Bianca Chan founded the nonprofit organization NeuroLOGIC Foundation to address challenges that she saw in providing care for Alzheimer’s patients. Pictured is a “NeuroBox,” one of the tools that Chan provides to Alzheimer’s patients and caregivers. Photo courtesy of Bianca Chan.

Hello! My name is Bianca Chan, a student at the N.C. School of Science and Mathematics. My advocacy for Alzheimer’s disease patients began in ninth grade, when I saw a video of a ballerina with severe memory loss in an article titled “Viral video of ballerina with Alzheimer’s shows vital role of music in memory,” published by Lyndsey Winship on Nov. 13, 2020. The video showed the ballerina’s graceful arm movements as she listened to a song called “Swan Lake.” Mesmerized and touched by the power of music, I wanted to learn more about the cause behind the symptoms of those affected by this neurodegenerative disease.

I got curious and did some research on Alzheimer’s disease with a neuroscientist. While talking to patients and their families, I noticed that money and location can make it hard for them to get help. I looked up more information on www.alzheimersnorthcarolina.org and saw that there was a big need for care and support in North Carolina. So, I decided to use what I learned in my research to help. I talked to social workers and support group leaders in North Carolina to find out what was needed. Then, I started a nonprofit called the NeuroLOGIC Foundation to offer free help and activities for patients and caregivers all over the state and beyond.

Through my nonprofit organization, I have learned to be open minded to the ideas and opinions of experts in the field. I’ve also learned from the firsthand accounts of those who have professionally worked in the field, from research scientists studying the biological basis of the disease to support group directors who help patients and caregivers learn coping strategies. I strongly recommend that other students who are interested in devoting themselves to fighting for a cause do the same. By talking to professionals involved in different parts of the cause, both locally and nationally, you can find out what needs aren’t being met and how you can use your skills to help.

Pictured is a “NeuroBox,” one of the tools that Bianca Chan provides to Alzheimer’s patients and caregivers. Photo courtesy of Bianca Chan.

I started a project to make support kits for Alzheimer’s patients and caregivers, funded by bake sales. These kits, called NeuroBoxes, have activities like puzzles and coloring books to help with cognitive and behavioral symptoms. I’ve given out over 200 of these to places in North Carolina to help people keep their brains active in a fun way. I also started a music program called NeuroMelodies, whereby students play music for the elderly online. I’ve added music tones that can help with Alzheimer’s symptoms, according to a study. We’ve reached about 2,000 patients through this program, working with support groups and memory care homes.

Alzheimer’s is a major cause of death, according to uclahealth.org and aamc.org, and new treatments are coming out fast. It’s really important for us to help people with Alzheimer’s get the help they need. I’m trying to make life better for patients and their families by helping them handle this tough disease. I think it’s super important for students to learn about Alzheimer’s because we’ll be the future scientists and leaders. By learning and teaching others, students can show more empathy and give hope to people with Alzheimer’s. I believe not having a cure yet should motivate students and others to use their skills to help these patients.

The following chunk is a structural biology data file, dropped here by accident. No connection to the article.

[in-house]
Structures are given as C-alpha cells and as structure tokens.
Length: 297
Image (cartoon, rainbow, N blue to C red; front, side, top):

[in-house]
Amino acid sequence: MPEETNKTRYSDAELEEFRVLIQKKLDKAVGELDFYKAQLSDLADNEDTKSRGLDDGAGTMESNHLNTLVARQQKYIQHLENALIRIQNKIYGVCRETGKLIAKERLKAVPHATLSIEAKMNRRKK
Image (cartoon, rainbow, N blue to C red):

The opinions and perspectives expressed in NC Talks columns are those of the authors. Submissions have been edited for length and clarity. They do not purport to reflect the views of Carolina Public Press, its staff, board of directors, or contributors.

References

Viral video of ballerina with Alzeihmer’s shows vital role of music in memory

North Carolina numbers revealed in first ever US county level Alheimer’s prevalence estimates

Small studies of 40-hertz sensory stimulation confirm safety, suggest Alzheimer’s benefits

Ask the doctors- What is the cause of death in Alzheimer’s disease?

Recent breakthroughs in Alzheimer’s research provide hope for patients

Bianca Chan is a high school student from Cary. She attends the N.C. School of Science and Mathematics. Chan is extremely passionate about neuroscience, especially the neurobiology of Alzheimer’s disease. Beyond neuroscience, she has conducted scientific research focused on pharmacokinetics and drug discovery for various types of diseases and cancers. Outside of being involved in STEM, Chan has a special interest in learning Latin and reading Roman literature.

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  1. My Husband was diagnosed with Dementia when he was 62 years old 2 years ago. The Donepezil did very little to help him. The medical team did even less. His decline was rapid and devastating. It was Memory loss at first, then hallucination. Last year, a family friend told us about Natural Herbs Centre and their successful Dementia Ayurveda TREATMENT, we visited their website naturalherbscentre. com and ordered their Dementia Ayurveda protocol, i am happy to report the treatment effectively treated and reversed his Dementia disease, most of his symptoms stopped, he’s now able to comprehend what is seen, sleep well and exercise regularly.he’s  active now, I can personally vouch for  these remedy but you would probably need to decide what works best for you .